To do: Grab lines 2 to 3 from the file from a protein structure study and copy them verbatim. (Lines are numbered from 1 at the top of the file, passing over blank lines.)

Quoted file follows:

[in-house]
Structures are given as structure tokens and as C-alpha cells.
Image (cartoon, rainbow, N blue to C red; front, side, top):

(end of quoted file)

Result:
Structures are given as structure tokens and as C-alpha cells.
Image (cartoon, rainbow, N blue to C red; front, side, top):